Wrap-up: Travel ban hits legal roadblock

Deccan Chronicle.

World, America

Trump had signed an executive order last month suspending the arrival of all refugees for at least 120 days.

US President Donald Trump. (Photo: AFP)

A US appeals court on Friday refused to reinstate Donald Trump’s controversial travel ban on nationals from seven Muslim-majority countries, in a major political setback to the President, who vowed to legally challenge the unanimous ruling, saying “See you in court”. However, Trump on Saturday said he is considering signing a “brand new” executive order by next week to temporarily bar citizens of seven Muslim-majority nations from entering America. “We hold that the government has not shown a likelihood of success on the merits of its appeal, nor has it shown that failure to enter a stay would cause irreparable injury, and we therefore deny its emergency motion for a stay,” the judges had said in the unanimous order.

“The government has pointed to no evidence that any alien from any of the countries named in the order has perpetrated a terrorist attack in the US,” the three-judge bench of the 9th US Circuit Court of Appeals in San Francisco said. Trump had signed an executive order last month suspending the arrival of all refugees for at least 120 days, Syrian refugees indefinitely, and barring citizens from Iran, Iraq, Libya, Somalia, Sudan, Syria and Yemen for 90 days, fulfilling one of his central campaign promises.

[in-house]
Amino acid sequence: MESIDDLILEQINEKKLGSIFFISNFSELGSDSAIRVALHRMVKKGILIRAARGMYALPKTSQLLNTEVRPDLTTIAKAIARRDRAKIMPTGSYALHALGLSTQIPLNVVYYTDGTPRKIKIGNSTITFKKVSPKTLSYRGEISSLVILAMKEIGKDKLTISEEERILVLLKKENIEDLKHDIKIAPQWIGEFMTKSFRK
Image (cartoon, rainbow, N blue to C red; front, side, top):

Green card dreams turn sour

Two top US senators have proposed a legislation to cut the number of legal immigrants to the US by half within a decade, a move that could adversely hit those aspiring to get a green card or permanent residency in the US. The Reforming American Immigration for Strong Employment, or RAISE Act, introduced by Republican senator Tom Cotton and his Democratic colleague  David Perdue, would alter the US immigration system to significantly reduce the number of foreigners admitted to the country without a skills-based visa.

The Bill proposed to reduce the number of green card or legal permanent residency issued every year from currently about a million to half a million. The passage of the Bill  will have a major impact on hundreds and thousands of Indian Americans who are currently painfully waiting to get their green cards.